Comparative and Contributory Negligence

7.13 – Negligence – Intoxication (Riding with Intoxicated Driver)

7.13 Negligence – Intoxication (Riding with Intoxicated Driver)

  1. In General
    A person who voluntarily has become intoxicated is required to act with the same care as a person who is sober. So long as such a person who is voluntarily intoxicated acts with the same degree of care for her/his own safety which an ordinary careful and sober person would exercise under the same or similar circumstances, then the intoxicated person is not comparatively negligent. But if you find that, by reason of her/his own voluntary abuse of intoxicating liquor, the plaintiff exposed herself/himself to a dangerous situation and sustained bodily injuries which a sober person in the exercise of ordinary foresight and care would have avoided, then you find that the voluntary intoxicated person has acted negligently.
  2. Riding with Intoxicated Driver
    A passenger in an automobile must act with appropriate care for her/his own safety as the demands of the situation reasonably require. To determine whether or not the plaintiff was negligent by voluntarily riding in a motor vehicle which was operated by an intoxicated person, you must decide whether an ordinary cautious and careful person, under the same or similar circumstances, would have risked riding with the driver. You must consider three factual issues: 

    1. Did the plaintiff voluntarily ride in an automobile operated by a person under the influence of intoxicating liquor/drugs after the plaintiff knew, or, in the exercise of reasonable care, should have known, of the driver’s condition?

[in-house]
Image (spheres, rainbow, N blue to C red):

2. Would a reasonably cautious and careful person have avoided the risk of riding with such a driver under the same or similar circumstances?
    3. Was the intoxication of the driver a substantial contributing cause of the incident and the resulting injuries?

    If the answer to the three questions is yes, then the plaintiff was comparatively negligent. If you answer any of the three questions no, then the plaintiff was not comparatively negligent.

« Previous      Next »


Recognition held by some of our attorneys:

*No aspect of this advertisement has been approved by the Supreme Court of New Jersey. Before making your choice of attorney, you should give this matter careful thought. The selection of an attorney is an important decision. For the comparison standards employed by the various lawyer rating companies, please visit,,,,, and Award is conferred on at least 100 lawyers per state, not 100 lawyers in America. Prior Results do not guarantee a similar outcome, nor does visiting this website create an attorney client relationship.*

Tell Us About Your Case

Don’t hesitate. Don’t wonder. Don’t field questions from aggressive insurance companies. Contact Gill & Chamas, LLC today.

Contact Us

We serve clients throughout New Jersey

  • Woodbridge
  • New Brunswick
  • East Brunswick
  • Edison
  • North Brunswick
  • South Brunswick
  • Piscataway
  • Linden, Clark
  • Rahway
  • Middletown
  • Old Bridge
  • Sayreville
  • Perth Amboy
  • Elizabeth
  • Newark
  • Union
  • Middlesex County
  • Union County
  • Somerset County
  • Monmouth County
  • Mercer County
  • Hudson County
  • Bergen County
  • Ocean County
  • Atlantic County
  • Bergen County
  • Burlington County
  • Essex County
  • Mercer County
  • Middlesex County
  • Monmouth County
  • Ocean County
  • Passaic County
  • Somerset County
  • Sussex County
  • Union County
  • Warren County

Contact Us

655 N Florida Grove Road
Woodbridge, NJ 07095

3509 U.S. 9
Howell Township, NJ 07731

Phone: 732-324-7600
Fax: 732-324-7606